[games_access] Jonathan Chetwynd's comment, Reid's comment

Lynn Marentette lynnmarentette at gmail.com
Sat Dec 1 12:06:58 EST 2007









Hi.

I think there are some barriers to game accessibility that go beyond
changing the attitudes among game developers. I agree with Jonathan that we
need to focus on what other things we can do that will make a difference.


I just returned from a two-day assistive technology conference, and the only
thing related to game accessibility was the materials from a booth regarding
a community bowling program for people with visual impairments.

Most of the software and devices discussed during workshops and demonstrated
in the vendor's booths were geared to helping people increase literacy and
language skills, carry out the hum-drum activities of daily living, access
the computer, or gain job skills. Of course, these are important.

Recreation and leisure activities were glaringly left out of the picture,
which troubles me. There were many university students at this conference,
and it is a shame that they left the conference without information about
ways technology can support recreation and leisure activities- including
playing games!


My impression is that many of the AT folks are so focused on learning,
literacy, education, development of daily living skills, job skills, and so
forth, that they just don't have the inclination, or time, to think about
the recreation/leisure needs of their students or clients. My colleague,
Kelly Cross, a speech and language therapist, noticed this, too.

On Thursday evening, I attended the regional meeting of the Research
Triangle chapter of IGDA, held at Destineer Studios in Raleigh, N.C. I went
to the presentation about leadership, which was worth my time. I had a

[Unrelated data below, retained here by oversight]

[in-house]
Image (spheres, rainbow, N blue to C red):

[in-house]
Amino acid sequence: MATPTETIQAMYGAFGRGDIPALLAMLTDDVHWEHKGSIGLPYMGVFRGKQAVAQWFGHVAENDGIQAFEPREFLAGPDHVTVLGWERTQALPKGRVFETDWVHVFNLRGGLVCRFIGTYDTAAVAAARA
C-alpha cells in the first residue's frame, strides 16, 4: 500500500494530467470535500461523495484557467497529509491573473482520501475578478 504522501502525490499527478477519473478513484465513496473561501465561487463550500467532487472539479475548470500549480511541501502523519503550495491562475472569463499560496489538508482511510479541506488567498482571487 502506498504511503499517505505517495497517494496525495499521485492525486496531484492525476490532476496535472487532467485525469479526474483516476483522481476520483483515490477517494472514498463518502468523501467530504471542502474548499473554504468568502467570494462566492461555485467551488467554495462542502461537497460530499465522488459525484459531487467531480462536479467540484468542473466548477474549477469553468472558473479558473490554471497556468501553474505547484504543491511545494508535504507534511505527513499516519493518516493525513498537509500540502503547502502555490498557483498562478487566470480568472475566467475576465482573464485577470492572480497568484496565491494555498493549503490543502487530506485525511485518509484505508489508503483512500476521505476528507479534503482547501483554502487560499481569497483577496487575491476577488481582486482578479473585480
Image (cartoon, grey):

chance to meet a woman who teaches computer programming and game design at a
community college. Many of her students were there.

In hindsight, I could have asked this group to provide me with a few
brochures or short hand-outs, since there were probably 100-150 people in
attendance. I had a chance to talk with a couple of people who work at
Destineer and didn't get the impression that they would scoff at the ideas
behind game accessibility.

At any rate, this is what I can volunteer to do:

Kelly and I will be participating in a poster session at another AT
conference in February. We thought we could showcase some of the things
that we're doing with our students from the "whole child" approach, which
includes addressing leisure and recreational needs.

Would there be a chance to obtain a few brochures about game accessibility
to share with others at the upcoming AT conference?

Thanks!

Lynn Marentette

Jonathan's comments:
Speaking from my experience, ten years is not long enough.
I can imagine it being another thirty....

Conferences are fine for meeting and greeting, those that came to
Brighton will know it helps to place a face. They also raise general
awareness, in an indefinable way. And it's also possible to generate
business, though usually this is confirmed after the event.

However as I mentioned earlier there is much useful work to be done
in publishing white papers, standards and guidelines. These are then
available for interested parties at any time of their choosing. They
also provide evidence of change, and something to "Shout About".

Indeed if there is some amazing breakthrough a conference is a
fantastic place to be. But we're not there yet. I took a group of
adults with learning disabilities to try the pre-alpha eye toy at GDC
Europe one year, it was way ahead of the field at the time.

My feeling is that too much time is spent chatting and commiserating,
which could be more usefully directed at conceiving, writing, editing
and publishing documentation. Well usually I just let it pass ~:"

I happen to be acutely aware this documentation is needed. The web is
moving from a model of static documents to one more nearly
identifiable with gaming environments.

regards

Jonathan Chetwynd
Accessibility Consultant on Media Literacy and the Internet

http://seven.pairlist.net/mailman/listinfo/games_access